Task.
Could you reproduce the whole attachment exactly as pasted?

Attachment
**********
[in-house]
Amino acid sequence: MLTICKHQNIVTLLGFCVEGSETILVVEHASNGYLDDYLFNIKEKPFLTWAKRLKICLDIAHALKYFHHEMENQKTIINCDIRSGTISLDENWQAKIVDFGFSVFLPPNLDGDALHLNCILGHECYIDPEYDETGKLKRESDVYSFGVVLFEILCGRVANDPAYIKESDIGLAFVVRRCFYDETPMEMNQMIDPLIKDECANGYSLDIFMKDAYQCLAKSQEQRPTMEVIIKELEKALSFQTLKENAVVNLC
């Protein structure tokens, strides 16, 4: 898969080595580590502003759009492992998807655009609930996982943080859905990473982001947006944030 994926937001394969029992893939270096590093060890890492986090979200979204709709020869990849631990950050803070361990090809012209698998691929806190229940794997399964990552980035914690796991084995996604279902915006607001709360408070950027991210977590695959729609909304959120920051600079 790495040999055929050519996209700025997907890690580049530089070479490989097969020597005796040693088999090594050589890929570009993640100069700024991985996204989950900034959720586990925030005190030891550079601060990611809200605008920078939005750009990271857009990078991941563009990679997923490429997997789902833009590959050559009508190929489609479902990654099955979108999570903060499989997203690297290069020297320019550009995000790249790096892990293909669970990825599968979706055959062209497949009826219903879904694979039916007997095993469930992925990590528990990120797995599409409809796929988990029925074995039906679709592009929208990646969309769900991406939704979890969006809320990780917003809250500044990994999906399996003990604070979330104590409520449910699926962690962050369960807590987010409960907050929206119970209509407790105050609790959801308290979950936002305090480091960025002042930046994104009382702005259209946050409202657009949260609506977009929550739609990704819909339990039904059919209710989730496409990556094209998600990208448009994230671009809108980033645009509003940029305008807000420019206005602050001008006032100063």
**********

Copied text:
[in-house]
Amino acid sequence: MLTICKHQNIVTLLGFCVEGSETILVVEHASNGYLDDYLFNIKEKPFLTWAKRLKICLDIAHALKYFHHEMENQKTIINCDIRSGTISLDENWQAKIVDFGFSVFLPPNLDGDALHLNCILGHECYIDPEYDETGKLKRESDVYSFGVVLFEILCGRVANDPAYIKESDIGLAFVVRRCFYDETPMEMNQMIDPLIKDECANGYSLDIFMKDAYQCLAKSQEQRPTMEVIIKELEKALSFQTLKENAVVNLC
């Protein structure tokens, strides 16, 4: 898969080595580590502003759009492992998807655009609930996982943080859905990473982001947006944030 994926937001394969029992893939270096590093060890890492986090979200979204709709020869990849631990950050803070361990090809012209698998691929806190229940794997399964990552980035914690796991084995996604279902915006607001709360408070950027991210977590695959729609909304959120920051600079 790495040999055929050519996209700025997907890690580049530089070479490989097969020597005796040693088999090594050589890929570009993640100069700024991985996204989950900034959720586990925030005190030891550079601060990611809200605008920078939005750009990271857009990078991941563009990679997923490429997997789902833009590959050559009508190929489609479902990654099955979108999570903060499989997203690297290069020297320019550009995000790249790096892990293909669970990825599968979706055959062209497949009826219903879904694979039916007997095993469930992925990590528990990120797995599409409809796929988990029925074995039906679709592009929208990646969309769900991406939704979890969006809320990780917003809250500044990994999906399996003990604070979330104590409520449910699926962690962050369960807590987010409960907050929206119970209509407790105050609790959801308290979950936002305090480091960025002042930046994104009382702005259209946050409202657009949260609506977009929550739609990704819909339990039904059919209710989730496409990556094209998600990208448009994230671009809108980033645009509003940029305008807000420019206005602050001008006032100063």